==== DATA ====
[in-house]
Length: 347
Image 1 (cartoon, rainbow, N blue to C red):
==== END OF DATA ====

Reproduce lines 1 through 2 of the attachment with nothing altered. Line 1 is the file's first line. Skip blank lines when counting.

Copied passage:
[in-house]
Length: 347